View Our Roof Line Gallery
View Our Roof Line Brochure
Believe it or not, the humble gutter can trace its history all the way back to 1500 BC and the Indus Valley civilisation; one of the most widespread civilisations in South Asia during the Bronze Age. There, the basic concept of moving unwanted water away from a dwelling, using guttering made from burnt clay bricks, is first recorded to have been used.
It wasn’t really until much later in history, however, that gutters were used as part of a rainwater system like those we have today. Before guttering, buildings had to have overhanging roofs, or be built with the first story jutting out over the ground floor, to try and prevent rainwater from running down the walls and soaking into the footings causing damp and other water damage to the property as it did. However, these solutions would still leave a wall of water between you and your front door on a rainy day. Guttering, as it was introduced to Great Britain by the Romans, was a solution to all these problems.
Though the invention of the downpipe came later again, early gutter systems still served to direct rainwater off the roof, and away from the buildings walls and footings, in a concentrated flow of water that was much easier to avoid than a front door waterfall.
When the invention of the downpipe did then come along, the first recorded use being in 1240 on the Tower of London, it brought with it the ability to actually collect the rainwater that fell on our roofs and put it to good use.
Nowadays, almost all buildings we see have some form of guttering system to help direct rainwater away from our properties and prevent flooding. The basic design is quite simply a trough running along the base of the roof that catches the rainwater run-off and channels it towards a downspout that directs it into a drain to be carried away, or into a water tank for collection and rainwater harvesting purposes.
However, though they are indeed simple in design and purpose, guttering systems do come in a variety of materials and configurations, which can make it a bit confusing when it comes to deciding what type of guttering you need. So, whether you are planning to install an entirely new guttering system on your property, need to replace a damaged section of an existing gutter, or just want advice on how best to keep your gutters clean, this guide has you covered.
When you hear the word "guttering" you're most likely going to picture the trough, the gutter itself that runs along the edge of your roof. However, there is much more to a guttering system than just the gutter. From gutter clips and unions to support brackets and downpipe shoes, there are a number of important components that you'll want to familiarise yourself with. Below is a breakdown of all the parts you will see in a standard rainwater guttering system.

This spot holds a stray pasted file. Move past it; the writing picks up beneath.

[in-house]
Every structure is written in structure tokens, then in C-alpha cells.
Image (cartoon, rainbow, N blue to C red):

Arguably the most important part of any guttering system, the gutter collects the rainwater that runs off the roof and channels it into a downpipe to transport it away from the property. However, for the gutter to be able to do its job, it needs support from the following components:
See our guttering system diagram for examples of this.
The downpipe is the controlled escape route for the water collected by the gutters. It funnels the water safely down the side of the building and into a drain where it then flows away from the property. Though not as impressive looking as the gargoyle waterspouts of old, the common downspout does do a much better job of allowing you to control where the gutter water goes. However, just like with the gutter itself, the downpipe cannot succeed without a supporting cast of the following items:
Technically speaking, there are 3 different types of guttering; eaves, valley, and parapet gutters.
When it comes to eaves guttering, there are two main choices you have to make; the type of material you want and the profile of the guttering. Unless you have an unlimited budget for your project, the type of material you choose is likely to be the most important of these two factors, as it is the one with the biggest impact on overall cost, so that’s where we’ll start.
We often get asked the question “which is better plastic or metal gutters?”, and it would be easy to suggest that the stronger, more durable (and expensive) product would indeed be the best in the long run. But that isn’t always the case. It really is dependent on the type of building, the desired look that you require and the budget you are working too. Metal gutters can have a longer lifespan than PVC (over 50 years for copper gutters), but they tend to cost more to repair if damaged. A PVC guttering system may need to be replaced after 30 years, but is far cheaper and easier to repair
We are proud of being a Wiltshire WHICH Trusted Trader as well as being registered with the respected industry governing body FENSA. This means that when you use LF Replacement Windows & Conservatories you can do so with absolute peace of mind.
We firmly believe that we provide the best Wiltshire double glazing based on the quality and durability of our products, the efficiency of our service and our outstanding sales and customer service.